It will be appreciated that embodiments of the invention described herein may be comprised of one or more conventional processors and unique stored program instructions that control the one or more processors to implement, in conjunction with certain non-processor circuits, some, most, or all of the functions of the single-to-differential converter described herein. The non-processor circuits may include, but are not limited to, a radio receiver, a radio transmitter, signal drivers, clock circuits, power source circuits, and user input devices. As such, these functions may be interpreted as steps of a method to perform single-to-differential conversion. Alternatively, some or all functions could be implemented by a state machine that has no stored program instructions, or in one or more application specific integrated circuits (ASICs), in which each function or some combinations of certain of the functions are implemented as custom logic. Of course, a combination of the two approaches could be used. Thus, methods and means for these functions have been described herein. Further, it is expected that one of ordinary skill, notwithstanding possibly significant effort and many design choices motivated by, for example, available time, current technology, and economic considerations, when guided by the concepts and principles disclosed herein will be readily capable of generating such software instructions and programs and ICs with minimal experimentation.
In reference to
The phase balancing stage 24 is electrically connected to the single-to-differential stage 22. The phase balancing stage 24 receives and balances the phases of the first and second output signals Vn, Vp, and outputs a first balanced output signal V+ and a second balanced output signal V−. The first and second balanced output signals V+,V− are corresponding, such that the second balanced output signal V− is the inverse of the first balanced output signal V+.
The buffer stage 26 is electrically connected to the phase balancing stage 24. The buffer stage 26 shapes the first and second balance output signals V+,V− to a predetermined shape, such as, but not limited to, a square wave. Typically, the buffer stage 26 is used to re-shape the first and second balanced output signals V+,V− and outputs a first shaped and balanced output signal Vout+. The second shaped and balanced output signal Vout− corresponds to the first shaped and balanced output signal Vout+, such that the second shaped and balanced output signal Vout− is the inverse of the first shaped and balanced output signal Vout+.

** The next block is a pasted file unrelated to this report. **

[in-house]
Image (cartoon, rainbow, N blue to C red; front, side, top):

The single-to-differential stage 22 comprises an inverter 28, a non-inverting amplifier 30, and a back-to-back inverter 32. The inverter 28 and non-inverting amplifier 30 receive a single input signal Vclk. The inverter 28 and non-inverting amplifier 30 generate an inverted and a non-inverted replica of the input clock signal, respectively. Typically, the non-inverting replica of the input clock signal Vclk has poor rail-to-rail performance. The back-to-back inverter 32 is used to push the non-inverting replica Vp of the input clock signal Vclk to achieve rail-to-rail swing. Thus, the phase balancing stage 24 outputs the first and second output signals Vn,Vp, which are asymmetric and not balanced.
The phase balancing stage 24 comprises a weak-drive inverter 34, a weak-drive non-inverting amplifier 36, a strong-drive inverter 38, and a strong-drive non-inverting amplifier 40. Typically, the first output signal Vn is faster than the second output signal Vp. Thus, the first output signal Vn is connected to the weak-drive inverter 34 and the weak-drive non-inverting amplifier 36. The slower second output signal Vp is connected to the strong-drive inverter 38 and the strong-drive non-inverting amplifier 40. The weak-drive inverter 34 and the strong-drive non-inverting amplifier 40 output a first balanced output signal V+. Additionally, the weak-drive non-inverting amplifier 36 receives the first output signal Vn and the strong-drive inverter 38 receives the second output signal Vp. The weak-drive non-inverting amplifier 36 and the strong-drive inverter 38 output a second balanced output signal V−. The first and second balanced output signals V+,V− of the phase balancing stage 24 are symmetric and balanced, and thus, generate equal drivability. Typically, the aspect ratio of the inverters 34,38 and non-inverting amplifiers 36,40 are predetermined in order to balance the first and second balanced output signals V+,V−.
The buffer stage 26 comprises a first inverter 42 and a second inverter 44. The first inverter 42 receives the first balanced output signal V+ from the phase balancing stage 24. The second inverter 44 receives the second balanced output signal V− from the phase balancing stage 24. The first inverter 42 and second inverter 44 re-shape the waves of the first balanced output signal V+ and second balanced output signal V−. The first inverter 42 outputs the first balanced and shaped output signal Vout−. The second inverter 44 outputs the second balanced and shaped output signal Vout+. The first and second balanced and shaped output signals Vout−,Vout+ are corresponding, such that Vout− is the inverse of output signal Vout+. Typically, the first and second balanced and shaped output signals Vout−,Vout+ are re-shaped to a square wave.